Download
six sigma black belt training n.
Skip this Video
Loading SlideShow in 5 Seconds..
Six Sigma Black Belt Training PowerPoint Presentation
Download Presentation
Six Sigma Black Belt Training

Six Sigma Black Belt Training

299 Vues Download Presentation
Télécharger la présentation

Six Sigma Black Belt Training

- - - - - - - - - - - - - - - - - - - - - - - - - - - E N D - - - - - - - - - - - - - - - - - - - - - - - - - - -
Presentation Transcript

  1. Six Sigma Black Belt Training Overview of Charts and Graphs: Mini Case

  2. Overview – The Story A retail company has 3 regional shipping centers, each with its own computer system. Goal: To determine which of the 3 systems is most efficient, determine if it helps meet customer needs regarding shipping, and improve it further. Then, the system can be used companywide to facilitate integration and enhance efficiency. Source: Meet Minitab (http://www.minitab.com/support/docs/rel14/MeetMinitab14.pdf)

  3. Shipping Example Data A few records from the dataset (total 319 records) are shown below: Center Order Arrival Days Status Distance Eastern 3/3/2003 8:34 3/7/2003 15:21 4.28264 On time 255 Eastern 3/3/2003 8:35 3/6/2003 17:05 3.35417 On time 196 Eastern 3/3/2003 8:38 * * Back order 299 Central 3/3/2003 8:58 3/6/2003 14:59 3.25069 On time 81 Central 3/3/2003 9:04 3/8/2003 10:12 5.04722 On time 235 Central 3/3/2003 9:06 3/9/2003 16:13 6.29653 Late 259 Western 3/3/2003 9:44 3/6/2003 10:08 3.01667 On time 291 Western 3/3/2003 9:46 3/6/2003 9:50 3.00278 On time 271 Source: Minitab Software V14 Example file Continuous (Numerical) Data Categorical Data

  4. First Look at Shipping Data – Univariate Analysis Univariate analysis simply means looking at data one variable at a time, as a precursor to multivariate analysis. Purpose: • To understand the individual variables before exploring relationships among variables, • To check for extraordinary, incorrect, or missing data. The basic method is to graph the data to look at the distribution, and compute measures of central tendency (Mean/Median) and variation (Range, Standard Deviation).

  5. Individual Value Plots The graphs below show the number of days for shipping for all data together on the left, and separated by shippingcenter on the right. The graph on the right also shows the mean values for each center connected by a line. At first glance, it is evident that the Western center has the lowest mean number of days for shipping.

  6. Frequency Histograms – A look at the distribution Frequency histograms help us see how the data are distributed. At left we can see that the number of days for shipping across all centers is normally distributed with a mean of about 4, and ranging from about 1 to 8 days. At the right is the distribution of the 3 centers shown separately.

  7. Checking for Normality – Normal Probability Plot The normal probability plot is a graph where the X-axis shows the actual values of the variable, and the Y-axis is scaled such that the values should fall (if normal) between the outer blue lines shown. A perfectly Normal distribution would have all values on the middle blue line. This method is especially useful when the sample is too small for a meaningful histogram.

  8. Box Plots – Comparing Distributions Box plots are a useful way to compare distributions visually. Box plots show the smallest value, the first quartile, median, third quartile, and the Largest value of the variable. In the plots below, the Mean is also marked.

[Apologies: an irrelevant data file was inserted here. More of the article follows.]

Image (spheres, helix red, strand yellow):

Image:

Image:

9. Graphing Categorical Data – Bar/Pie Charts The Bar chart below shows the status of orders in the sample as A percentage. About 7-8% of the orders are on back-order, while About 5% are shipped late overall. The Pie charts show the percent Of back-orders and late shipments by each center.

  10. Descriptive Statistics Descriptive statistics give us numerical insight into the data. Compare this information to the graphs on the previous page. Descriptive Statistics: Days Results for Center = Central Variable Status N N* Mean SE Mean StDev Days Back order 0 6 * * * Late 6 0 6.431 0.157 0.385 On time 93 0 3.826 0.119 1.149 Results for Center = Eastern Variable Status N N* Mean SE Mean StDev Days Back order 0 8 * * * Late 9 0 6.678 0.180 0.541 On time 92 0 4.234 0.112 1.077 Results for Center = Western Variable Status N N* Mean SE Mean StDev Days Back order 0 3 * * * On time 102 0 2.981 0.108 1.090

  11. Testing Hypotheses - ANOVA While itlooks like the centers are different in their efficiencies, a hypothesis test can confirm that. A one-way ANOVA tests whether the mean number of days for the 3 centers are in fact significantly different from each other. The low p-value (almost 0) indicates that one can conclude with great confidence (almost 100%) that there at least one of the centers is different from the others. One-way ANOVA: Days versus Center Source DF SS MS F P Center 2 114.63 57.32 39.19 0.000 Error 299 437.28 1.46 Total 301 551.92 S = 1.209 R-Sq = 20.77% R-Sq(adj) = 20.24% Individual 95% CIs For Mean Based on Pooled StDev Level N Mean StDev -----+---------+---------+---------+---- Central 99 3.984 1.280 (----*---) Eastern 101 4.452 1.252 (----*----) Western 102 2.981 1.090 (----*---) -----+---------+---------+---------+---- 3.00 3.50 4.00 4.50 Pooled StDev = 1.209

  12. Examining relationships - scatterplot Is the better performance of the Western center due to smaller shipping distances than the other regions? First, a scatterplot of Number of Days for shipping against the Distance across all centers seems to show no relationship between the two.

  13. Scatterplot separated by Center When we look at it by center, there still seems to be no relationship between distance and number of days.